’s August 30th article “Teachers: Be subversive” features a wonderful interview with Jonathan Kozol. Kozol has recently published “Letters to a Young Teacher,” which reminds me thematically and stylistically to Paulo Freire’s books “Letters to Cristina” and “Teachers As Cultural Workers: Letters to Those Who Dare Teach.” Kozol’s book “The Shame of the Nation: The Restoration of Apartheid Schooling in America” is one of several books sitting on my bookshelf that I’ve needed to pick up and read for many months. Along with John Dewey and Paulo Freire, I’ve recognized over the past few years that Kozol’s ideas about education, learning and politics are both thought provoking as well as foundational for those (like myself) wanting to better understand formal School cultures to effectively serve as a catalyst for constructive change.

I adamantly agree with Kozol that our nation’s focus on high-stakes, punitive testing for K-12 students has been extremely harmful and should be abandoned for more humane, genuinely helpful diagnostic assessments administered by teachers for the express purpose of helping identify skill areas of strength and weakness. Currently, high stakes test results are returned so late to both teachers and students that they are useless as diagnostic tools. There are many other reasons to abandon high-stakes, punitive testing of course– many school districts now administer batteries of “benchmark tests” throughout the school year to address the issue of timely feedback– and those educational cultures have certainly not been made humane or desirable as a result of benchmark exams. Abandoning high-stakes, punitive testing in schools is needed most because it is the moral path to take, in an educational culture which has (in many cases) reduced students into mere statistics. Kozol explains some of the benefits of this political course in the interview:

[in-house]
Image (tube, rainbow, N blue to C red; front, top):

First of all, it would immediately relieve that sense that there’s always a sword above their heads, and that sword is empirically measurable testing. It would relieve the sense that every minute of the day has to be allocated to a predesignated skill. It would free them from the absurdity of posting numbers and the language of standards on their blackboards, which are of absolutely no benefit to a child. As Francesca once pointed out to me, no child’s going to come back 10 years later and say, “I’m so grateful to you for teaching me proficiency 56b.” It would free the teachers from all of that, and it would allow these young teachers, most of whom have majored in liberal arts, and who love literature and poetry, to flood the classroom with all those treasures that they themselves enjoyed when they were children, most of them in very good suburban school districts.

Thanks to Doug Noon (via his social bookmarks) for alerting me to this excellent article. I hope to read “Shame of the Nation” this fall, and hopefully “Letters to a Young Teacher” soon afterward. Let us hope our political leaders considering reauthorization of NCLB will take time to read and consider Kozol’s perspectives.

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5 Responses to Kozol on NCLB and the struggles of real teachers